Copies of letters from Pope Innocent IV to Guyuk Khan (March 13, 1245), Pope Urban IV to Khulegu Khan May 23, 1263, Abaqa Khan to Pope Clement IV (summer of 1268), Pope Nicholas III to Abaqa Khan (April 1, 1278), a travel permit given to the envoys of Roman Catholic Church by Abaqa Khan, two letters from Pope Nicholas IV to Argun Khan (April 2, 1288) and the letter from Argun Khan to Pope Nicholas IV were received.

Never knew the 13th century had so much ecumenical activity, did you?

The letters were copied according to the official agreement with the Vatican Secret Archives established with the support of the officials of Mongolian Embassy in Italy headed by Ambassador of Mongolia to Italy Ts. Jambaldorj.

This is pretty stilted, but there’s a fascinating story behind it all.

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Big story update: What's going on with plans to repair or even 'modernize' Notre Dame after fire?

Big story update: What's going on with plans to repair or even 'modernize' Notre Dame after fire?

PARIS — It has been two months since a fire at the start of Holy Week destroyed the roof of the famed Notre Dame Cathedral. The large gothic structure now sits, enveloped in scaffolding, as a part of the low-rise Parisian skyline. The 300-foot spire that once appeared to stretch out to heaven is missing. These are constant reminders of that April 15 blaze and the hard work that lies ahead.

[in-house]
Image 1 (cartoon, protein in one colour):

Rebuilding the ornate cathedral will be a painstaking task. Estimated to cost in the billions, Notre Dame has also become a pawn in a broader political fight that has divided France and much of the continent.

In a country so politically polarized — the outcome of the recent European election was another reminder of this — the fate of Notre Dame very much rests in the hands of the country’s warring lawmakers.

There has been much speculation since the fire over what will happen to the 12th century structure. A symbol of European Catholicism and Western civilization since the Middle Ages, a tug-of-war has traditionalists and modernists divided over what is the best way to rebuild.

“I think that some of the proposals are quite interesting, in particular, the notion of creating a very large glass skylight. If that were done to be a modern version of stained glass, I think it could be absolutely beautiful,” said architect Brett Robillard. “Stained glass was something of the first ‘films’ with light moving through pictures. So I think there is real poetry there to see modern technology paid homage to something so embedded in the religious spectrum and fill the spaces with beautiful light.”

Should Notre Dame be restored it to its former Medieval glory or reflect a more modern aesthetic?

This is at the center of the fight and, thus, press coverage of the debates.

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China considers three-child policy while India ponders two-child limit due to Muslim birth rates

China considers three-child policy while India ponders two-child limit due to Muslim birth rates

I’ve been watching for almost a year now as China has radically changed its child control policies from the infamous one-child policy to an almost-three child policy.